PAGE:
Dear Members of the Teachers College Community,

Tonight marks the beginning of the Jewish New Year, Rosh Hashanah, and the High Holidays. So I want to begin here by extending my warmest wishes for a Shana tova, a good year, to all Jewish members of our TC family.

There is something profoundly beautiful about devoting ten days to deep, individual introspection and reflection, and to coming together as a community with renewed resolve to be better and do better.

In that spirit, I want to share a couple of thoughts on how our TC community can be better and do better.

First, we can take great pride in the manner with which we have risen to extraordinary challenges to keep the College strong and focused on our teaching and research mission to advance social justice. We also recognize that we always have more work to do to make TC both a more powerful force for good in society, and a better exemplar of diversity, equity, inclusion and mutual respect. In the coming weeks and months, I look forward to sharing our plans for being better and doing better as an institution.

Second, each week brings grim news of suffering around the world from which members of our TC family are not spared. Right now, TC students, alumni, and family members are among the tens of millions of people directly affected by the devastating wildfires on the West Coast. Please consider making a contribution to organizations providing critical support to victims, evacuees, and first responders. (This article contains information and links to reputable organizations that are on the ground now.)

Third, as we resolve to do good for others and watch out for one another, we each could use reminders to be good to ourselves. I have frequently praised all of you collectively, and many of you individually, for performing superbly and often heroically over the past six months (!). I have also recognized that, under these conditions, with great performances come even greater pressures and stress. That is especially pronounced for those who have young children or are caring for elderly or infirm loved ones. That is why I have urged each of you to take time (and vacation time!) for yourselves to rest, exercise, and recharge.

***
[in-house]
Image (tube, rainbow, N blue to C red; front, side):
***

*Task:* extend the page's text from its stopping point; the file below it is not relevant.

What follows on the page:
Now, I want to take that message further: Anyone among us can be vulnerable to anxiety, depression, and other risks to one’s mental wellness. If you are struggling with anxiety or depression – or just feeling that you might be sinking – the last thing you should do is “suck it up” and persevere on your own. Please don’t hesitate another moment to seek the help you need for yourself or a family member. Along with our Employee Assistance Program for full-time employees, TC offers a number of mental wellness resources and supports for students, faculty, and staff here and here.

From the outset of the pandemic, I have made caring for our people my highest priority. As we all continue to look out and care for one another, let’s make sure each of us remembers to be good enough to ourselves that we seek assistance when we need it.

Tom Signature

Thomas Bailey
President, Teachers College